We were able to verify sourcing in many stories written by Jeffrey, mostly police and court news, political stories, and recently a series on returning war veterans. The stories with suspect sourcing were typically lighter fare – a story on young voters, a story on getting ready for a hurricane, a story on the Red Sox home opener – where some or all of the people quoted cannot be located.Cape Cod Times Publisher Peter Meyer and Editor Paul Pronovost • Discussing their findings regarding reporter Karen Jeffrey, a 31-year veteran of the newspaper whose stories have been found to use questionable sources. The paper found fabricated or nonexistent sources going back to 1998, where the paper’s archives end. “We must learn from this painful lesson and take steps to prevent this from happening again,” they write. “Moving forward, we will be spot-checking reporting sources more frequently; choosing stories at random and calling sources to verify they exist.”
CNN is proud of being nonpartisan, and makes a point that it doesn’t take sides like Fox or MSNBC. Problem is, you can’t define a strong network just by what it isn’t. And too often that’s been CNN’s approach: it still has great reach and strong reporting when it matters. But day to day it seems too driven by being the network that doesn’t bother anyone. There’s too much smileyness in its daytime programming, too much reflexive blandness on shows like Wolf Blitzer’s The Situation Room. CNN’s nonverbal message, too often, is “please don’t get mad at us.CNN Picks a New Boss: Will It Be Saved, or Has it Been Zuckered? | TIME.com (via markcoatney)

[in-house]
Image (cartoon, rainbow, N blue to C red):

Not only useful for wannabe journo-coders, but also helps you get a sense of NPR tackling traditional journalism issues like style consistency beyond the written copy in the modern technology. And props to them for making it available on GitHub.
We love that NPR has made this available on GitHub. For design tips from NPR’s Digital Media Design Director, David Wright, check out the slides and audio from his ONA12 session, Design is How It Works.
Saw this in speech from NPR’s Wright in person last week. Stuff like this inspires you to work harder on your own site development. — Ernie @ SFB
Probability is counterintuitive.
The idea that the chance of something happening doesn’t change is hard for us to wrap our heads around. Understandably so—if I tell you that you have a 70 percent chance of making a putt, most people would expect that after ten putts, seven will have gone in the hole. This, however, is not the case.
That’s what’s hard to grasp about probability, the idea that one result has no effect on what happens in the future.
Related to this great piece (a topic which Stefan totally beat me to, because I had a half-written, not-as-good take hiding in my drafts) is the rebuke he got from his public editor on Thursday. If you ask me, the New York Times’ public editor, Margaret Sullivan, totally should have run a statistical model on whether that column was a good idea.
— Ernie @ ShortFormBlog
A very smart take on the political journalism topic du jour.